Nor could any so handily break a lock
As SHEPPARD, who stood in the Newgate dock,
And nicknamed the gaolers around him “his flock”!
Which nobody can deny.
Nor did highwayman ever before possess
For ease, for security, danger, distress,
Such a mare as DICK TURPIN’S Black Bess! Black Bess!
Which nobody can deny (Ainsworth 54 – 55).
The fun of the recitation is increased by the singer including himself in the lyric. This is the first of many jaunty songs about highwaymen, whereby the singer augments his discourse by continuing to praise their rank and exploits in terms of modern chivalry, often seconded by the endorsements of Ainsworth’s prominent authorial voice (The most popular being ‘Jerry Juniper’s Chant’, AKA ‘Nix my dolls’, the chorus, ‘Nix my dolls, pals/Fake away!’ translating as, ‘Never mind my friends, carry on stealing!’) The author even compares Turpin to the hero of Trafalgar at one point: ‘Rash daring was the main feature of Turpin’s character. Like our great Nelson, he knew fear only by name’ (Ainsworth 163). ‘A Chapter of Highwaymen’ exceeds even this suggestion of noble equality, by punning on Jack Sheppard’s surname and Biblical imagery when giving the outlaw a ‘flock.’ This parallels Gay’s leitmotif regarding MacHeath. As Empson explains, when MacHeath sings ‘At a tree I shall suffer with pleasure’ (Gay, Air, XXV II.v.), the ‘half-poetical, half-slang word tree applies both to the gibbet and to the cross, where the supreme sacrificial hero suffered, with ecstasy’ (Empson, 185). In Turpin’s song, his subjects may begin as ‘rascals’ in the first line, but they finish as divine.
In the final analysis, it is the sense of freedom attached to this type of outlaw (whether in their own day or in the realm of fiction), as clearly identified in fact by Hobsbawm and in fiction by Empson, which makes the figure of Dick Turpin so appealing: a manifestation of longing for a lost cultural innocence, for an imagined past of adventure, heroism and social justice sought from within an increasingly urban, industrialised and Utilitarian society, the moonlit heaths forever shrinking, becoming less magical by the year. In the opening account of his native Manchester in the eighteenth century from Mervyn Clitheroe, the narrator concludes that:
The rivers that washed its walls were clear, and abounded in fish. Above all, the atmosphere was pure and wholesome, unpolluted by the smoke of a thousand factory chimneys. In some respects, therefore, the old town was preferable to the mighty modern city (Ainsworth, Mervyn Clitheroe 8).
In common with many of Scott’s most memorable heroes (the Jacobite, Highland warriors rather than the mediocre heroes of Lukácsian theory), such as the rebel chieftain of Waverley, Vich Ian Vohr, Ainsworth presents Turpin as the last of his line:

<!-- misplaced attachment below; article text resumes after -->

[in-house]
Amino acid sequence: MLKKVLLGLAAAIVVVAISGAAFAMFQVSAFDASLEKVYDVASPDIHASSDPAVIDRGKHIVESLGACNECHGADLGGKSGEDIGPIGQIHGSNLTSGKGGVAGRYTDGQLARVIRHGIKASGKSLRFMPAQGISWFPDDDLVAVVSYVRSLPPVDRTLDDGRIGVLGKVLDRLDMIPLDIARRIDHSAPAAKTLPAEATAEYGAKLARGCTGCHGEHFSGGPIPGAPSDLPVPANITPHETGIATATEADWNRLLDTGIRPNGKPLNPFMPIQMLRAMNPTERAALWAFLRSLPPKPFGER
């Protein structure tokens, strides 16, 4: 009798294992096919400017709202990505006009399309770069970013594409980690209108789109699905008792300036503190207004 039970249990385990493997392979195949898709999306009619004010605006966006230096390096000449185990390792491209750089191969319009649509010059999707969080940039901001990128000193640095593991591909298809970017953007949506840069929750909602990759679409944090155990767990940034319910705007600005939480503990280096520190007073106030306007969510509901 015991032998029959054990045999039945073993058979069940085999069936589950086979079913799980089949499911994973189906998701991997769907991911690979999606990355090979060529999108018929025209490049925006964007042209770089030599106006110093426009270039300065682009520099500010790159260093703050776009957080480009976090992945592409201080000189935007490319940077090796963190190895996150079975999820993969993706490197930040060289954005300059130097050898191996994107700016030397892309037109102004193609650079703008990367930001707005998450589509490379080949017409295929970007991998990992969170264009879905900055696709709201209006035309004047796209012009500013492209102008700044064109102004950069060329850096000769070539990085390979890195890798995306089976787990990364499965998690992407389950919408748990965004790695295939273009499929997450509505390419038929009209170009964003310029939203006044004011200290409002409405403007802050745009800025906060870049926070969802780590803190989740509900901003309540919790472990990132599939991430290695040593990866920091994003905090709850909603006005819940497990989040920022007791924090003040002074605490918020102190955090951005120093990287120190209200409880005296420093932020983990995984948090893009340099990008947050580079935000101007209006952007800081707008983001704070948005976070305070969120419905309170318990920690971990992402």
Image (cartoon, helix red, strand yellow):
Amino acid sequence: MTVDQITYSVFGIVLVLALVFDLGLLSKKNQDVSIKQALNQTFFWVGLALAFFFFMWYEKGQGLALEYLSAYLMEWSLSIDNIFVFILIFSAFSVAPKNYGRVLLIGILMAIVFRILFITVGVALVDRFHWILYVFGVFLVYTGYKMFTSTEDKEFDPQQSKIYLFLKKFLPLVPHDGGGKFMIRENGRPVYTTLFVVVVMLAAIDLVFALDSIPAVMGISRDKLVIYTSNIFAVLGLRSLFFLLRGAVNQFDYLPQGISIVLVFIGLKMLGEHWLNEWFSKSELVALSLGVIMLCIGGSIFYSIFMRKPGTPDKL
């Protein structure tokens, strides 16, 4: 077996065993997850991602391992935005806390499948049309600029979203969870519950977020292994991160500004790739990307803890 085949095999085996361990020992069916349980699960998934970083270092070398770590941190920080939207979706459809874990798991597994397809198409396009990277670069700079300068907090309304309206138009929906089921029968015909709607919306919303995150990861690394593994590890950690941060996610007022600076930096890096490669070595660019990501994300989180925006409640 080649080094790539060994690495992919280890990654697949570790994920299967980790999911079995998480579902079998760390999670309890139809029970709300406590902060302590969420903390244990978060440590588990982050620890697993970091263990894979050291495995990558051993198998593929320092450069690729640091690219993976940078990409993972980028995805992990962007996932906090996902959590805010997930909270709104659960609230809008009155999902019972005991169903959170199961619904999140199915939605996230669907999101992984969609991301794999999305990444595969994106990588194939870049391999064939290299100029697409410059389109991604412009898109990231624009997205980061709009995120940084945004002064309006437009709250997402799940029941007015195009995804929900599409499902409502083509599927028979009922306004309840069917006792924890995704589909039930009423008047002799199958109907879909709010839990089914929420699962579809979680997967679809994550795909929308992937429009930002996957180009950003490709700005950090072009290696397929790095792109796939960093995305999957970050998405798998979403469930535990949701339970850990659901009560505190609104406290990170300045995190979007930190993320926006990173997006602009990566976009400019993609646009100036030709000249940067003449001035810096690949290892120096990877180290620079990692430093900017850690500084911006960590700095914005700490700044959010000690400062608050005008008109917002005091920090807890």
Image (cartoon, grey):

Turpin was the ultimus Romanorum, the last of a race, which (we were almost about to say we regret) is now altogether extinct. Several successors he had, it is true, but no name worthy to be recorded after his own. With him expired the chivalrous spirit, which animated successively the bosoms of so many knights of the road; with him died away the passionate love of enterprise, that high spirit of devotion to the fair sex, which was first breathed upon the highway by the gay, gallant Claude DuVal, the Bayard of the road – le filou sans peur et sans reproche – but was extinguished at last by the cord that tied the heroic Turpin to the remorseless tree (Ainsworth, Rookwood, 163 – 164).
Again, the fate of the character is inevitable. Scott had likewise concluded Waverley with the lament that:
It was my accidental lot, though not born a Highlander … to reside, during my childhood and youth, among persons of the above description; and now, for the purpose of preserving some idea of the ancient manners of which I have witnessed the almost total extinction, I have embodied in imaginary scenes, and ascribed to fictitious characters, a part of the incidents which I then received from those who were actors in them (Scott 340).
In each case, these ancestors are not our ancestors. They can appear in contemporary culture only as ghosts. Like the walls of Ainsworth’s Manchester, his nostalgia offers a simple, almost adolescent view of the past compared with Scott’s (although Scott’s is equally his own idealised invention), where complex moral and social issues are always presented as either black or white.
This seemed to be what the public wanted. When it was written in Fraser’s that, ‘With Mr. Ainsworth all is natural, free, and joyous: with Mr. Bulwer all is forced, constrained and cold’ (Anon 724), the reviewer seems to be endorsing a need for escapism which the heroic pantomime of Rookwood offers but the earnest political intent of Paul Clifford does not. Characters like Dick Turpin are therefore created in a kind of eternal present, being never allowed to grow up. He was still riding to York on the stage of the Gaiety Theatre in 1890, before galloping away to Hollywood in the twentieth century, where he remains, in various guises, alive and well to this day, from Johnny Depp’s Captain Jack Sparrow and his cheery pirate songs, to Guy Ritchie’s sexy Cockney gangsters, and very probably Brad Pitt’s forthcoming interpretation of Jesse James. Such critical accolades were not however quite unanimous when it came to Rookwood; John Forster (who later led the war against Jack Sheppard) wrote in The Examiner that: